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Financial fraud rises

Financial fraud in the first half of 2016 increased by a quarter to £399.5m, according to new figures published by Financial Fraud Action UK. FFA UK says it’s enabled by scams and online attacks.

Banks’ security systems continued to prevent most fraud from taking place, as prevented fraud totalled £678.7m, FFA UK said. This is equivalent to £6 in every £10 of attempted fraud being stopped. Total financial fraud losses across payment cards, remote banking and cheques were £399.5m in the first half of the year, a 25 per cent increase on the same period in 2015, when total losses were £320.3m.

Losses on payment cards – which includes remote purchase fraud, lost and stolen cards, card not received, counterfeit card and card ID theft – stood at £321.5m, compared to £244.6m in the first half of 2015, an increase of 31 per cent. The prevented loss for cards stood at £475.7m.

Remote purchase fraud increased by 31 per cent to £224.1m between January and June, compared to £171.7m in the same half of 2015. FFA UK suggests fraudsters are using card details obtained with malware and data breaches, while there are more opportunities to commit such crimes because of the growing number of e-commerce sites.

The UK saw a slight increase in remote banking losses, up from £66.2m in the first half of 2015, to £70.6m, with a prevented loss of £103.2m. Scams continue to drive remote banking fraud, with criminals tricking victims into handing over their money or banking details.

Last month saw the launch of Take Five, a national awareness campaign to combat fraud.

Katy Worobec, Director of FFA UK, said: “Banks use a range of robust security systems to protect their customers but as these systems become more sophisticated, criminals have increasingly been turning to scams and exploiting data breaches to con victims out of their personal and security information, as well as money. Banks will continue to invest in advanced verification methods, including biometric validation and dynamic card security codes. We ask all consumers to be alert to scammers, which is why we recently launched the Take Five campaign. The industry takes its responsibility to combat fraud extremely seriously, but banks cannot stop all fraud on their own. It is essential all organisations with a role to play work together to better protect individuals and companies.”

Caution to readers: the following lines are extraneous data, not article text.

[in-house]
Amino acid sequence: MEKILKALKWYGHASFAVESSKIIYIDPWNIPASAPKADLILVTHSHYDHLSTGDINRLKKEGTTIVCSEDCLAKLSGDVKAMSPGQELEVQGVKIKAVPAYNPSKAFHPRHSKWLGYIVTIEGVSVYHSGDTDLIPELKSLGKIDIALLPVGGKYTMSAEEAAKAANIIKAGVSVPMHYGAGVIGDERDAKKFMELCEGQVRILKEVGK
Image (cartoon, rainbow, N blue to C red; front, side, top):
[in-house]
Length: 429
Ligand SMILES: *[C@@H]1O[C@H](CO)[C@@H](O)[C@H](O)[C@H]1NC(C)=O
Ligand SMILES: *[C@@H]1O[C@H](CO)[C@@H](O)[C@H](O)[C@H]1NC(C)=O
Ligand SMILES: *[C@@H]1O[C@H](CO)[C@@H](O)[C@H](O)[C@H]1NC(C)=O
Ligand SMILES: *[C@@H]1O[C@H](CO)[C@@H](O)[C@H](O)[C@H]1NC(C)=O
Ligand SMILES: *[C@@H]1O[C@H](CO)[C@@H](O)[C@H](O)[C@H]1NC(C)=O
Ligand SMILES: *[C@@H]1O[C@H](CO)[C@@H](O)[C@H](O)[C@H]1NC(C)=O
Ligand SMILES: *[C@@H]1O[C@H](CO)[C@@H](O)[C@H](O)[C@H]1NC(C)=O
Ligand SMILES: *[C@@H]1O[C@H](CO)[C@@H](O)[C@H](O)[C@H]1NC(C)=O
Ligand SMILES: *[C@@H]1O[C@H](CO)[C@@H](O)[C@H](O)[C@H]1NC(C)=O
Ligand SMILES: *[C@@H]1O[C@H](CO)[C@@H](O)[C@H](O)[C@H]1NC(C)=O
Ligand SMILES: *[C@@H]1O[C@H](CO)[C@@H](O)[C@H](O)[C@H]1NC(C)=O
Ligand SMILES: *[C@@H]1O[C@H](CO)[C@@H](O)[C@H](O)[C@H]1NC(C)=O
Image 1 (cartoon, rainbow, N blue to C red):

FFA UK is urging customers to be vigilant of any unsolicited phone calls, text messages and emails and to be extremely cautious about giving out any personal and security information unless absolutely sure they know who they are dealing with. Customers are reminded their bank or the police will never call them to ask for their online banking passwords or four-digit card PIN, or to transfer money to a new account for fraud reasons.

FFA UK is also urging all organisations that hold personal and financial data to improve their security systems, to prevent data breaches. Retailers selling remotely can also use a number of tools to build up a profile of their customer, verify the cardholder and ensure they receive payment securely.

Anyone who thinks they have been a victim of fraud should contact their bank and the police reporting centre Action Fraud at once.

Tony Blake, senior fraud prevention officer at the Dedicated Card and Payment Crime Unit, the FFA UK-sponsored police unit which investigates fraud, said: “Fraudsters can be very convincing and often pose as representatives from a trusted organisation in order to appear genuine. If you are asked to transfer some money or provide your personal details and you think it could be a scam, take five minutes to think about what you are being asked to do. A genuine organisation will not mind if you check who you are speaking to, because people are not always who they say they are.”


John Marsden, Head of ID and Fraud at the credit checking agency Equifax, says: “Cyber and ID fraud dominate the fraud landscape, and online scams and attacks continue to rise. E-commerce is growing, and is a tempting prospect for fraudsters looking to use identity and payment data such as credit and debit card information they have gained via the vast ‘carders markets’. Fraudsters are sophisticated and can easily gather information which can then be used to open accounts and make purchases online fraudulently. This situation is exacerbated by an increasing frequency of data breaches by hackers who can then sell this data on to other criminals. In addition, a frightening number of consumers are also still being tricked into handing over their personal data. This usually occurs when a criminal is able to convince an individual that they are emailing or calling from a legitimate organisation and they need to verify their personal details. Using this information the criminal fraud networks can create high quality ID data to sell via the dark web.

“The financial services industry has to work together, educating consumers and sharing information to help collectively tackle this criminal activity. The focus must be two-fold. It is vital that any organisation holding personal data continuously evolves the systems and processes in place to keep that information safe. Equally, any business handling financial transactions has to take every possible step to ensure the customer they are dealing with is genuine. It is clear that passwords alone are no longer enough, fraudsters are wise to our thinking when we create a password, making them all too easy to crack. This is why businesses need to invest in new technology like biometrics and device recognition creating multiple layers of defence. The criminals don’t stand still, and businesses of all sizes need to work hard to stay ahead.”


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